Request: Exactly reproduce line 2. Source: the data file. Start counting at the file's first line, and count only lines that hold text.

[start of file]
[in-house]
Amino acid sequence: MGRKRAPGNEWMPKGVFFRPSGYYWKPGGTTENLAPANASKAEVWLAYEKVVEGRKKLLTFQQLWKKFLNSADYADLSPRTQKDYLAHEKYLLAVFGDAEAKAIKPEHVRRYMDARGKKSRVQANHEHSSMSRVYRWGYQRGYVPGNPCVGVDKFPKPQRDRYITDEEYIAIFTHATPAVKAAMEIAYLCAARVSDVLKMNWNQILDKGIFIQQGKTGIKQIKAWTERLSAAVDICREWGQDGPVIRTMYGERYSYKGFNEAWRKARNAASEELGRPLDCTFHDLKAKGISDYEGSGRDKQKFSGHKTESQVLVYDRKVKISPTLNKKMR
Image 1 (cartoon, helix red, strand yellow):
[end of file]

Amino acid sequence: MGRKRAPGNEWMPKGVFFRPSGYYWKPGGTTENLAPANASKAEVWLAYEKVVEGRKKLLTFQQLWKKFLNSADYADLSPRTQKDYLAHEKYLLAVFGDAEAKAIKPEHVRRYMDARGKKSRVQANHEHSSMSRVYRWGYQRGYVPGNPCVGVDKFPKPQRDRYITDEEYIAIFTHATPAVKAAMEIAYLCAARVSDVLKMNWNQILDKGIFIQQGKTGIKQIKAWTERLSAAVDICREWGQDGPVIRTMYGERYSYKGFNEAWRKARNAASEELGRPLDCTFHDLKAKGISDYEGSGRDKQKFSGHKTESQVLVYDRKVKISPTLNKKMR